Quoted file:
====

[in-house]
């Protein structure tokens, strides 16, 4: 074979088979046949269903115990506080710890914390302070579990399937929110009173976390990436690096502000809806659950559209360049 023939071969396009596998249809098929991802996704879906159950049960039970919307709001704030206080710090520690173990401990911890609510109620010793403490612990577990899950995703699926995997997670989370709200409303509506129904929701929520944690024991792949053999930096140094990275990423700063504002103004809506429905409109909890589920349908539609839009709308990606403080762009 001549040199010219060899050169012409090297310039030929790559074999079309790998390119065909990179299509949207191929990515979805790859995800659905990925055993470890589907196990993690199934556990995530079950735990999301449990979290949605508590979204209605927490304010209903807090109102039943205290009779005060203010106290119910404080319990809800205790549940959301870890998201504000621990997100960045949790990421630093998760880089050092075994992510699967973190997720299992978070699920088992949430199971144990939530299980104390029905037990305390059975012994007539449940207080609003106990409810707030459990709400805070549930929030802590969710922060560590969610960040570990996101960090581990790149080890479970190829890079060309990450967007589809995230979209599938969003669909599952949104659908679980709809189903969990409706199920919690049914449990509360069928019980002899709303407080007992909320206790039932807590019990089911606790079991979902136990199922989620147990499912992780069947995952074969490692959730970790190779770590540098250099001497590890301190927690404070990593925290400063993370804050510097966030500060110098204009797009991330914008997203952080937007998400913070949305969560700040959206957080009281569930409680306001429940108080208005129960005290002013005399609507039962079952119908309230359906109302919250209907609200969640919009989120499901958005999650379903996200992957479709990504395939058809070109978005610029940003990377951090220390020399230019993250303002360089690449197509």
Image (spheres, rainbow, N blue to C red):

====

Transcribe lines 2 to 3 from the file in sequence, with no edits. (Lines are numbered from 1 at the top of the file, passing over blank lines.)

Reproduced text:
């Protein structure tokens, strides 16, 4: 074979088979046949269903115990506080710890914390302070579990399937929110009173976390990436690096502000809806659950559209360049 023939071969396009596998249809098929991802996704879906159950049960039970919307709001704030206080710090520690173990401990911890609510109620010793403490612990577990899950995703699926995997997670989370709200409303509506129904929701929520944690024991792949053999930096140094990275990423700063504002103004809506429905409109909890589920349908539609839009709308990606403080762009 001549040199010219060899050169012409090297310039030929790559074999079309790998390119065909990179299509949207191929990515979805790859995800659905990925055993470890589907196990993690199934556990995530079950735990999301449990979290949605508590979204209605927490304010209903807090109102039943205290009779005060203010106290119910404080319990809800205790549940959301870890998201504000621990997100960045949790990421630093998760880089050092075994992510699967973190997720299992978070699920088992949430199971144990939530299980104390029905037990305390059975012994007539449940207080609003106990409810707030459990709400805070549930929030802590969710922060560590969610960040570990996101960090581990790149080890479970190829890079060309990450967007589809995230979209599938969003669909599952949104659908679980709809189903969990409706199920919690049914449990509360069928019980002899709303407080007992909320206790039932807590019990089911606790079991979902136990199922989620147990499912992780069947995952074969490692959730970790190779770590540098250099001497590890301190927690404070990593925290400063993370804050510097966030500060110098204009797009991330914008997203952080937007998400913070949305969560700040959206957080009281569930409680306001429940108080208005129960005290002013005399609507039962079952119908309230359906109302919250209907609200969640919009989120499901958005999650379903996200992957479709990504395939058809070109978005610029940003990377951090220390020399230019993250303002360089690449197509």
Image (spheres, rainbow, N blue to C red):